Traditional Gamilaaraay Language of the Gomeroi nation used in this article (H. White & B. Duncan – Speaking Our Way, M. Mckemey).

The Commonwealth Environmental Water Holder’s (CEWH) Science Program funds the Flow Monitoring, Evaluation and Research (FlowMER).

Figure 1 Royal spoonbill (left) and Australian white ibis (right) foraging in a temporary warrambool that adjoins the Gwydir Warrambools. Photo credit Tamara Kermode.

The Gomeroi Peoples Nation uses the traditional Gamilaaray Language, and this is the language we use for our Gwydir Flow-MER stories.

The Gwydir Warrambools (Wetlands) make up a part of the Gomeroi Peoples Country. Its water is the life source of the Gomeroi People and has been for thousands of years.

To begin understanding the complexities of the warrambools, Gomeroi Traditional Owner Liz Taylor shared with the Flow-MER team some of the intricacies of her culture. With Liz’s cultural knowledge and the scientific knowledge collected over the last 10 years in the Gwydir as part of the Flow-MER program, we pieced together the main cultural and environmental components that make up the Gwydir Warrambools.

The Gwydir Warrambools are significant for many reasons. For the Gomeroi People the warrambools have always provided plants, animals, resources, meeting places, and so much more.

For the plants and animals the warrambools are also significant. For instance, after high rainfall events colonial-nesting waterbirds such as royal spoonbills (Platalea regia) and Australian white ibis (Threskiornis moluccus) come to breed in their thousands (Figure 1). The warrambools are also home to a number of threatened ecological plant communities. These are but a few of the many important features of the Gwydir Warrambools.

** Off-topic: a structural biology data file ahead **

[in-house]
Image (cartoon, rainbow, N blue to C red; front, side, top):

We have developed an interactive story map to capture these key elements. To explore and learn more about the cultural and environmental significance of the Gwydir  Warrambools follow this link: Gomeroi Warrambools in the Gwydir Wetlands.

In additional to this learning page, we have also created a poster with some of the key species found in the Gwydir Warrambools (Figure 2). Some of these species include the black-necked stork (Ephippiorhynchus asiaticus), guduu (cod) and gindjurra (frogs).

Figure 2 Gwydir Warrambools information poster illustrating key species found in the warrambools. The poster is a collaborative work with Gomoroi Traditional Owner Liz Taylor and members of the Gwydir Flow-MER Selected Area.

Managing water for the environment is a collective and collaborative effort, working in partnership with communities, private landholders, scientists and government agencies – these contributions are gratefully acknowledged.

We acknowledge the Traditional Owners of the land on which we live, work and play. We also pay our respects to Elders past, present and emerging.